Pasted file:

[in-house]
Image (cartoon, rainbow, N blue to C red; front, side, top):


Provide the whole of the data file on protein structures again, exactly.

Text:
[in-house]
Image (cartoon, rainbow, N blue to C red; front, side, top):